So I trudged through the freezing, ice-caked night from one end of Major University to the other, only to discover upon arrival in my dorm that a single lock of hair had escaped my hood. Back to Central Hall it was.
My diagnosis with severe OCD in May 2008 did a lot to help me. I could recognize when the disorder was influencing my actions and could combat it through coping strategies that allowed me, without recourse to medication, to largely beat down a pretty extreme manifestation of obsessive compulsive disorder.
OCD, along with depression and my other difficulties, will likely never menace me as they did before I took charge. They can still pack a punch, though. Lately I've found myself more and more confronting the grotesque images I struggle so much to erase, consumed by moments of frenzied terror where my body jerks to combat the overpowering fear and I beg God to protect me. If I don't do this thing, then this other thing will happen.
Then there's the mood swings, heightened like everything else by stress. I'm actually not sure what these are from and wish I knew, because identifying my OCD made it a lot easier to fight. My last therapist wondered, too.
"What's really concerning me about some of these extreme highs and lows you're having is that they appear to be cyclical," he'd mused.
I don't think it's bipolar, though. I looked that up, and those mood swings are chemically determined. Mine respond to events. So if, for example, something good or bad happens, I'll have a positive or negative reaction. The reactions are exaggerated, though. The other morning I looked cute and was a vision of confidence and sociability. When I thought my parents were going to evict me, though, I was totally down to kill myself. And then they changed their minds and the fatal mood passed. It doesn't always happen, but boy do I feel it when it comes. Minor setbacks can provoke prolonged periods of anger or depression and equally minor achievements put me on Cloud 9. It's like being on a roller coaster and it's been that way for a very long time.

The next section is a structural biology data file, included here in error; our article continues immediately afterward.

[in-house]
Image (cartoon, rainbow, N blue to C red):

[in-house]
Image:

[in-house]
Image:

Now see, this is exactly why I don't discuss these things in real life: this post is reading like a catalogue of psychological disorders. Anyone who knows me in the outside world would tell you I seem perfectly normal (a hard-earned perception, by the way). But in going back and reviewing this even I kind of want to put me in a padded room.
I'd at least be carrying on the family tradition; my birth-mother Anne has been committed something like seventeen times and suffers from, among other things, borderline personality disorder, a serious mental condition "marked by prolonged disturbance of personality function...an unusual degree of instability in mood...marked impulsivity... [and] markedly and persistently unstable sense of self. In extreme cases this disturbance in the sense of self can lead to periods of dissociation."
She's a joy.
But I'm not like her, and that's not wishful thinking talking. Anne is literally psychotic. I am a normal person who's had to deal with some abnormal problems. The fact that I graduated college, lived on my own, and did any of the many other things the doctors said I'd never be able to is testament to that. I can have a real life. I deserve it. I want to believe I'll achieve it.
So that's where I am: in a situation typical of many recent graduates, experiencing the same pitfalls and emotional side-effects they are but having my pain augmented a bit by factors most of them don't have to deal with. I really want to make it through this. I'm not sure I know how.